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We sat down with Ana Lleo, MD, PhD, to discuss primary sclerosing cholangitis biomarkers and the need for future research in this field.
Ana Lleo, MD, PhD, professor of internal medicine at Humanitas University, sat down with HCPLive to discuss key takeaways from her presentation about primary sclerosing cholangitis (PSC), our current understanding of disease biomarkers, and areas where further research may be warranted.
Lleo was a speaker during the session “Advances in the Management of Primary Biliary Cholangitis (PBC), Primary Sclerosing Cholangitis (PSC) and Cholangiocarcinoma: A Global Perspective” at The Liver Meeting 2023 from the American Association for the Study of Liver Diseases (AASLD) in Boston this weekend, where she presented on PSC disease biomarkers.
Speakers covered topics ranging from unmet clinical needs surrounding ethnicity and gender to diagnosing cholangiocarcinoma. Lleo’s portion of the session focused on biomarkers for PSC, highlighting the need for new drugs and better structure surrounding clinical trials.
“It's difficult to discern the clinical trials because you don't really know exactly the endpoint that fits best. Each one of them has some limitations, even the old alkaline phosphatase that we have been using for a long time is not ideal in PSC because there is a lot of variability among patients. Even within the same patient, different regions of the liver present with different characteristics,” Lleo explained.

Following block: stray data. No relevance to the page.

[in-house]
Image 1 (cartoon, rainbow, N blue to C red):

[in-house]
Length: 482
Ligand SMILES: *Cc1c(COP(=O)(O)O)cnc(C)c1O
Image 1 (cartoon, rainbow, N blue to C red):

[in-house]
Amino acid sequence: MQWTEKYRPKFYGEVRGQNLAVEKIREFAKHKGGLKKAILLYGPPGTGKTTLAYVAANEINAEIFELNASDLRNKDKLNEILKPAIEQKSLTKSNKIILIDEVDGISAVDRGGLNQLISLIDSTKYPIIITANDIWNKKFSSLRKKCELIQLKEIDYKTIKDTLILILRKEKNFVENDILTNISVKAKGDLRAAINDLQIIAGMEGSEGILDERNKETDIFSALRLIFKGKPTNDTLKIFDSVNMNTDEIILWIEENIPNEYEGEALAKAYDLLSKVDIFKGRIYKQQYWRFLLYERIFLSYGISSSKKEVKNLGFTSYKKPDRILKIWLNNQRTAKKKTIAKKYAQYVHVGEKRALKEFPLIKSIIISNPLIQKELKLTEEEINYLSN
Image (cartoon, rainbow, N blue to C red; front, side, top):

Although PSC does not have many unmet needs, Lleo cited the diagnosis of cholangiocarcinoma and the need for effective therapy as the most prevalent among current shortcomings surrounding PSC. She further referenced a lack of available PSC biomarkers considered “a good surrogate of the disease outcome,” highlighting a need for development in this area.
“We have some biochemical biomarkers like alkaline phosphatase, bilirubin, and we have and we use some biomarkers that establish the level of fibrosis. For instance, transient elastography or liver biopsy, and they do have a role there. And then there is a lot and I think we will see a lot on imaging, mostly MRI,” Lleo said, pointing out the need for specialized radiologists for imaging-based approaches that may limit their practicality in clinical practice. “I think there is a lot of work there. There is a specific research group on MRI and PSC and I think we will probably see a lot of development there.”
Looking ahead to the future of PSC research, Lleo acknowledged there is still a lot that remains unknown about PSC: “We don’t know much about the role of the immune system, the gut-liver axis connection, the role of microbiome. But what I would really like to see is a therapy for these patients. I think that's what we all want,” Lleo concluded.